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Old 08-10-2004, 04:37 PM   #16
Komakino
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Perhaps it's a hacked version of RedHat (hacked together I mean, not literally hacked) for release within that particular company and therefore doesn't quite correspond to any actual Red Hat version.
 
Old 08-10-2004, 04:38 PM   #17
Tinkster
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Quote:
Originally posted by 320mb
So technically it should be called KDE/Perl/GNU/linux........Richard Stallman did NOT write the "Kernel" and Richard Stallman did NOT have
any thing to do with Linux development at all.........so Technically GNU is NOT part of linux........
C'mon mate, let's not go there ... Linux without GNU would
be pretty darn blank. Yes, I know that Linux is the kernel,
and you could compile any old tool for it, but lets face it:

How many non-GNU compilers and linkers or any other
old open-source tool can you get? :)

No, I don't call Linux GNU/Linux myself, but that's not
out of consideration for anyones turf but just because
I'm too lazy, and it's quite a mouth full :}


Cheers,
Tink
 
Old 08-10-2004, 04:40 PM   #18
Tinkster
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Quote:
Originally posted by hopbalt
OK I did that and it said "GEMS Linux release"

GEMS is the name of the company that used to own this machine. They gave it away to a friend of mine who works there because they upgraded all their machines and threw the old ones away. Then the friend gave it to me.

What I dont understand is that even when the GUI loads up, it doesnt tell you antying about what version of Redhat it is.

I hope the RPM I'm downloading works.
Next thing I'd do when stuck with an RPM based distro
is
rpm -qa | less
and see whether any of the packages give an indication
of what version of the distro they belong to.


Cheers,
Tink
 
Old 08-10-2004, 04:43 PM   #19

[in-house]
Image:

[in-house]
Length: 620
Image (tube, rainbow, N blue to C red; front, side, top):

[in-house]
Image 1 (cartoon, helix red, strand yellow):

hopbalt
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Quote:
Originally posted by rjlee You could also try running “locate SuSE”, “locate debian” etc. as most distributions install at least one configuration or setup file containing the distro's name.
I ran this command with locate RedHat, and it gave me a listing of 3 files, so this strengthens my suspicion that it is in fact a RedHat machine. Now unfortunately NONE of those files told me what version of redhat it was.

Quote:
2) All major distributions usually ship with a C compiler on the install disks. This doesn't mean it will necessarily be installed. Assuming you're on an RPM based system (most distros except Debian seem to use RPM), you can run the command
Code:
rpm -qil gcc | more
to see information and installed files for the gcc package.
OK I did rpm -qil gcc | more and it said "package gcc not installed"

Quote:
If you don't have gcc (and you don't have the origninal install disks), then you'll need to go to http://www.rpmfind.net/ and download a binary RPM for gcc. rpmfind.net will also list several “dependency” programs and libraries like glibc; your system will need the right versions of all the various dependencies; either installed (rpm -qi name again to find out the versions you have) or downloaded as extra RPMs.
OH man this sounds like a mess. I'm sure I'll run into more problems along the way.

You can install the rpms using
Code:
rpm --install *.rpm
in the directory you downloaded from.

Quote:
Note: gcc is big and will take a long time to download and install, especially if you try to download its dependencies as well.
I am only downloading the main file currently, and I still have 13 hours and 9 minutes to go.

Quote:
4) As with any linux program, a C compiler will not work on all versions of Linux. It is, however, possible to compile a program and link it statically (copying the library routines instead of linking to them) so that it will work on any Linux or UNIX system with the same processor (and anything compiled for a 386 will run on later Intel processors too).
I guess I'll try that if I get desperate and this package doesnt work.

Quote:
Hope that's of some help,

— Robert J. Lee
Yes thank you very much

Last edited by hopbalt; 08-10-2004 at 04:46 PM.
 
Old 08-10-2004, 04:50 PM   #20
hopbalt
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Quote:
Originally posted by Tinkster
Next thing I'd do when stuck with an RPM based distro
is
rpm -qa | less
and see whether any of the packages give an indication
of what version of the distro they belong to.


Cheers,
Tink
BINGO! One of the outputs from this command was:

"redhat-release-7.3-1"

Man this machine has a lot of stuff on it, I had to scroll thru about 5000 things before I stumbled on to that.
 
Old 08-10-2004, 04:52 PM   #21
penguin4
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hopbalt; BINGO u got it! knew u could ,would & DID! Good job n welcome to linux world.!!!!
 
Old 08-10-2004, 05:03 PM   #22
hopbalt
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Another question: